The state has got stuck in a rut of servicing the nation’s most acute problems. The post-Beveridge promise, in which the state would step in for short periods of time of worklessness, or to treat short periods of illness, has been disrupted by the changes in our employment structures, lengthening lives, and worsening health problems, while the social solidarity and institutions that provide the foundations of our communities have fallen into disrepair.
We’re in an unsustainable system, repeating age-old methods of helping people to less good effect. We need to re-engineer our activity around preventing the problems from happening at all, building stronger communities, where a rich social fabric reverses the societal fragmentation that is the silent driver of so much demand on public services – and all in the context of restrained spending.
Join us to discuss The Preventative State, a new Demos essay supported by Local Trust. The essay sets out a bold new vision for how the state can truly achieve prevention, arguing for a new focus on foundational policy and a reimagining of our public services.
We are delighted to be joined by Patricia Hewitt, former Secretary of State for Health.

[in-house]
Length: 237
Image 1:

- Patricia Hewitt, former Secretary of State for Health
- Matt Leach, Chief Executive, Local Trust
- Polly Curtis, Chief Executive, Demos
- Andrew O’Brien, Director of Policy and Impact, Demos (Chair)
This event has now passed. You can watch a recording of it here.
The Public Services 2030 Network
Public services are in crisis. Backlogs are everywhere, from NHS waiting lists to undecided asylum applications. Frontline staff, managers and civil servants alike are doing their best to respond, and often performing heroically.
But the fundamentals of the situation are beyond individual heroism, short term fixes or limited cash injections to resolve. The United Kingdom needs a rethink on public services: what do we want, what are we willing to pay for, and who will do the work and how will there be change?
There is no shortage of bold and innovative ideas. From pioneering councils to charities experimenting to new approaches to service design and thinkers across the political spectrum, we have been inspired by the wealth of work happening right across the country.
Now is the time to connect these voices to create a new era of public service reform. The Public Services 2030 Network is a movement of organisations committed to rebuilding and reforming our public services so they are fit for the next decade.
Network founding partners include:
- The Centre for Public Impact
- More Than a Provider
- Policy@Manchester, The University of Manchester
- Reed in Partnership
Network knowledge partners include:
- The Institute of Employability Professionals
- The WEA